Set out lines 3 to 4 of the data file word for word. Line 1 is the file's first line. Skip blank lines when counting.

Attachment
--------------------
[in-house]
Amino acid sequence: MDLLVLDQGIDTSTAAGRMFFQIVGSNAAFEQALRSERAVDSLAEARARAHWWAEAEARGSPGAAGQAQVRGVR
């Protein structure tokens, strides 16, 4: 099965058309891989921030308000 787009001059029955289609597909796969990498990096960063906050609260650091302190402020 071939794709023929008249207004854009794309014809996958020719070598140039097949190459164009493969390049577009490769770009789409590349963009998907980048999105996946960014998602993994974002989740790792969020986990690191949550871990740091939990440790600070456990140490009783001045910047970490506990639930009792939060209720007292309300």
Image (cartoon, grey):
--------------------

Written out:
């Protein structure tokens, strides 16, 4: 099965058309891989921030308000 787009001059029955289609597909796969990498990096960063906050609260650091302190402020 071939794709023929008249207004854009794309014809996958020719070598140039097949190459164009493969390049577009490769770009789409590349963009998907980048999105996946960014998602993994974002989740790792969020986990690191949550871990740091939990440790600070456990140490009783001045910047970490506990639930009792939060209720007292309300």
Image (cartoon, grey):